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Five Women Accuse James Franco Of Sexual Misconduct, Franco Responds

By Kristy Puchko | Celebrity | January 11, 2018 |

By Kristy Puchko | Celebrity | January 11, 2018 |


As James Franco kicked up his heels following his Golden Globes win, Twitter stirred with cries over his hypocrisy for daring to wear a Time’s Up pin. On Tuesday, The New York Times cancelled a public talk with Franco because of the tweeted allegations. Today, the LA Times shares the stories of five women who describe Franco’s behavior toward them as “inappropriate or sexually exploitative.”

Four of the women were acting students of Franco’s, while the fifth described him as a mentor. All gave examples of how Franco employed an imbalance of power, which favored the rich and famous movie star, to pressure women into sexual scenarios. Some of the incidents detailed are:

*Sarah Tither-Kaplan, who’d tweeted about Franco after his win, described filming a “nude orgy scene” where Franco “removed protective plastic guards covering other actresses’ vaginas while simulating oral sex on them.”

* Hilary Dusome recounted how she believed she’d been cast in one of the actor/director’s “art films,” but discovered it was a commercial shoot for a 7 For All Mankind jeans commercial, shot in a strip club.

*According to she and Natalie Chmiel, Franco became hostile when none of the actresses on the commercial would volunteer to go topless. So, he stormed off set.

*Katie Ryan, said of Franco’s acting classes at Playhouse West, “(He) would always make everybody think there were possible roles on the table if we were to perform sexual acts or take off our shirts.”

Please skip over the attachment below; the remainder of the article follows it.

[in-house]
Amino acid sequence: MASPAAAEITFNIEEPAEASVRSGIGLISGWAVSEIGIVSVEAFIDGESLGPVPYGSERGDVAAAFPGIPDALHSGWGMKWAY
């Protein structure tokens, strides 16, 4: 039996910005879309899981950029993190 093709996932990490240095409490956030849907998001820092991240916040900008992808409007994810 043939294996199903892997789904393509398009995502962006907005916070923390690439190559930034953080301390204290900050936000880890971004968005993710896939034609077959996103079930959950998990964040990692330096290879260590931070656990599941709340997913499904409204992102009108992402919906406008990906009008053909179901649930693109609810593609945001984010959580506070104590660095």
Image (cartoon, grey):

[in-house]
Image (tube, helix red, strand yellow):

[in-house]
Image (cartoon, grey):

*Ryan noted Franco’s e-mails blasts often offered actresses casting opportunities, often to play “a prostitute or a hooker.”

“He just took advantage of our eagerness to work and be a part of something bigger,” Chmiel said. “We were all these up-and-coming actors who were so hopeful.”

“I feel there was an abuse of power,” Tither-Kaplan explained, “And there was a culture of exploiting non-celebrity women, and a culture of women being replaceable.”

“I felt like I was selected for something based on my hard work and my merit, and when I realized it was because I have nice [breasts], it was pretty clear that was not the case.” Dusome shared, “I don’t think he started teaching with bad intentions, but he went down a bad path and damaged a lot of people in the process.”

Meanwhile, Franco is on the talk show circuit, promoting The Disaster Artist. In his latest appearance on Late Night with Seth Meyers, he addresses the aforementioned tweets. As the episode was recorded before the LA Times story hit, he makes no mention of it. However, it is very likely that Franco had already been reached for comment, and so knew of its contents.

Franco said in part:

“I have my own side of this story but I believe in these people that have been underrepresented getting their stories out enough that I will hold back things that I could say just because I believe in (the Time’s Up movement) that much. And if I have to take a knock because I’m not going to try to you know actively refute things? Then I will, because I believe in it that much.”

While Franco considers calling the accusations “not accurate” on a national talk show “not actively refuting” them, he has denied the allegations made in the LA Times story through his attorney.

We recommend reading the LA Times piece in its entirety.

Kristy Puchko is the film editor of Pajiba. You can follow her on Twitter.